Meeting Title: Trends in humanitarian financing: do resources meet the needs?
Speakers: Ambassador Lana Nusseibeh, Permanent Representative of the United Arab Emirates to the United Nations; Ms. Sophia Swithern, Programme Leader, Global Humanitarian Programme of Development Initiatives; Mr. Hansjoerg Strohmeyer, Chief, Policy Development and Studies Branch (OCHA); Ms. Sema Genel, Director, Support to Life (Turkey)
Location: Conference Room C, United Nations HQ, New York
Date: 24 June 2014
Written By WIT representative: Samantha Kong
Edited By WIT Representative: Sophia Griffiths-Mark 

Cross-Regional Perspectives on Democratic Accountability

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This afternoon a meeting was convened on the linkages between human rights, rule of law, and democracy, and their effects on public service delivery. Ms. Miculescu began the meeting by stating that transparent and accountable institutions, as well as active participation and inclusion of all citizens in policy-making processes, are imperative for efficient public service delivery, democracy, and human rights.

Following this introduction, Dr. Spehar spoke about how democratic accountability is relevant for development, how to ensure democratic accountability in public service delivery through horizontal accountability (state institutions that hold each other accountable) as well as through vertical accountability (the role of citizens, civil society, and the media to hold government institutions accountable), and how democratic accountability can be assessed by using various governance indicators. The most effective democratic accountability comes from the interplay between formal accountability mechanisms like checks and balances within the government, and civil society working together.

Mr. Hilale then spoke about how Morocco has worked to decrease corruption, and promote human rights by reforming and creating accountable institutions. Furthermore, Mr. Hilale stated that gender equality and the empowerment of women, as well as human rights education and training, are necessary to uphold the rule of law and have good governance in order for democratic accountability in public service delivery to exist.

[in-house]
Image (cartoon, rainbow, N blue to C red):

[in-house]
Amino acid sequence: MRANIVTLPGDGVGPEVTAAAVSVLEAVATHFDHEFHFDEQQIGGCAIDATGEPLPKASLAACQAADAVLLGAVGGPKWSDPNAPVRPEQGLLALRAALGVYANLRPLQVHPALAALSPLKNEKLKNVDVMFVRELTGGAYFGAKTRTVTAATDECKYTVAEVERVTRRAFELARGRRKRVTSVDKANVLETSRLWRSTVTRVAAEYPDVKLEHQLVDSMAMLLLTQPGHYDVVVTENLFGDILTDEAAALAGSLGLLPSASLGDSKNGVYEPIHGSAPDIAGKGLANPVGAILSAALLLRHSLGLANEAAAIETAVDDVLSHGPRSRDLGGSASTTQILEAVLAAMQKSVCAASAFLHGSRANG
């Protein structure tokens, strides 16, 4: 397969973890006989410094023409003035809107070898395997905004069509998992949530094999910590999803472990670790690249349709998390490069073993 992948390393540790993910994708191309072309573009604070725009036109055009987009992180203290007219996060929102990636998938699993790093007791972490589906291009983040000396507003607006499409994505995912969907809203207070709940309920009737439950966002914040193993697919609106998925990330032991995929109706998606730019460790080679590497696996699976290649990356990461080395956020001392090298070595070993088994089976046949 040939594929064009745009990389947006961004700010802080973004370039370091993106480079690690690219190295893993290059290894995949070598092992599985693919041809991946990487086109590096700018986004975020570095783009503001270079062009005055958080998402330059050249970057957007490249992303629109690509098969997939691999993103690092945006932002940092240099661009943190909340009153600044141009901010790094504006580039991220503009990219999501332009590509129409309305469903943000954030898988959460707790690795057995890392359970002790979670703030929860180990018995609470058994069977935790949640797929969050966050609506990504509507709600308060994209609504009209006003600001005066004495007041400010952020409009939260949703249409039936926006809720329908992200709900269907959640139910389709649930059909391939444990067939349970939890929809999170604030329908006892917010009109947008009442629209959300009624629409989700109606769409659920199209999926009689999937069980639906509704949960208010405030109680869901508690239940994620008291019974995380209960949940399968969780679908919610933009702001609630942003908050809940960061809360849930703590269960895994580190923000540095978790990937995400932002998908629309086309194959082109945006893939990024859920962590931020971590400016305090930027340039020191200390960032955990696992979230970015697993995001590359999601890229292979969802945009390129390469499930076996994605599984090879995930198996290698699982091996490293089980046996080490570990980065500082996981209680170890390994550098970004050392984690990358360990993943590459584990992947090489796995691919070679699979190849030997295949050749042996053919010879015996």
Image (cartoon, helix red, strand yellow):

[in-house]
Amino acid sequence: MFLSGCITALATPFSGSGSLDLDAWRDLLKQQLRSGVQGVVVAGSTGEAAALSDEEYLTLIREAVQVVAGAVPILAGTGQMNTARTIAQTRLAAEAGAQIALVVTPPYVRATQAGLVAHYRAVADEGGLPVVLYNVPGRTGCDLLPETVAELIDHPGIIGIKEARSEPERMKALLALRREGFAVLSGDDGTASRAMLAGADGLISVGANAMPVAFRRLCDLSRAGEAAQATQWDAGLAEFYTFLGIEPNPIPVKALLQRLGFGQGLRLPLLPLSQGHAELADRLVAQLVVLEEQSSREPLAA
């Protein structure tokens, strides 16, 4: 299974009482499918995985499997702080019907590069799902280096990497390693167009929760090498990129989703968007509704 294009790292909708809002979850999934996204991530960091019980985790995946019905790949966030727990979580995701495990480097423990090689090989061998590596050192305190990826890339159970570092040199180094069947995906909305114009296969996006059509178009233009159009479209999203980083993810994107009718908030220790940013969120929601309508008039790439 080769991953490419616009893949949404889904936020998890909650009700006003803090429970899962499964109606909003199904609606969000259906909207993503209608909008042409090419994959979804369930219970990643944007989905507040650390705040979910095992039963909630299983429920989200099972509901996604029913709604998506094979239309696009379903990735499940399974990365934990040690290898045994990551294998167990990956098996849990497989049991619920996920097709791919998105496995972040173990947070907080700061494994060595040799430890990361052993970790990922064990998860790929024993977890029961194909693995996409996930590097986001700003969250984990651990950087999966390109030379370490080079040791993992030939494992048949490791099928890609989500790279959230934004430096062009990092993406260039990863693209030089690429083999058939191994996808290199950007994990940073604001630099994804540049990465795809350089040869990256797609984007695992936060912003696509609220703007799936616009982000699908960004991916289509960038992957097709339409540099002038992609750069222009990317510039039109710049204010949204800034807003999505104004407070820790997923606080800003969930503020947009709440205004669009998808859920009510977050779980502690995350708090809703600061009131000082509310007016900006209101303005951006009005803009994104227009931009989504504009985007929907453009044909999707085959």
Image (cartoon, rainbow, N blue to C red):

Next, Ms. Tan spoke about how Singapore’s strong commitment to rule of law and democratic accountability in public service delivery helped by Singapore’s relatively quick development. She also highlighted how holding democratic elections, equality of opportunity, and a collaborative relationship between the government and its citizens are necessary for democratic accountability.

Mr. Ulibarri then spoke about how in 2004, two former Costa Rican presidents were prosecuted for corruption charges. He stated how shocking this was for the nation, and that in order to promote accountability and eradicate government corruption a country needs strong legislation, guaranteed access to public information for its citizens, and an accepted and enhanced role for civil society to promote good institutions. To conclude, Mr. Massimo stated that democratic political processes are fundamental to inclusive development, and necessary for democratic accountability. It’s important to take into account how responsive government institutions are, and the role that actors and policy makers play in public service delivery.

 

Meeting Title: Rule of Law, Human Rights and Democracy in the Post-2015 Development Agenda: Sharing Cross-Regional Perspectives on Democratic Accountability in Public Service Delivery
Speakers: H.E. Ms. Simona Miculescu, Permanent Representative of Romania; Dr. Elizabeth Spehar, Director of European Division, UN Department of Political Affairs; H.E. Mr. Omar Hilale, Permanent Representative of Morocco; H.E. Ms. Karen Tan, Permanent Representative of Singapore; Mr. Massimo Tommasoli, Permanent Observer for International IDEA to the UN
Location: United Nations HQ, Conference Room 7, New York 
Date:
9 June 2014
Written by WIT representative: Marli Kasdan
Edited by WIT representative: Sophia Griffiths-Mark 

 

Acceleration Sustainable Energy Deployment through Support for Energy Innovation

On the first day of the Sustainable Energy for All Forum, the second session focused on catalysing investment through innovative business models.

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Mr. Zindler, a representative of the Bloomberg team, started by introducing his field, which focuses on new energy technologies and investment in clean energy. Mr Zindler highlighted the current challenges for policymakers, especially in developing countries. Firstly, it is difficult to find the appropriate level of support for renewables, given the uncertainty over costs. Allocating support costs equitably, integrating renewables into the grid and preparing for cost parity are equally difficult. Therefore, he would like to come up with ideas about promoting innovation for policies and financials, efficiently in the near future.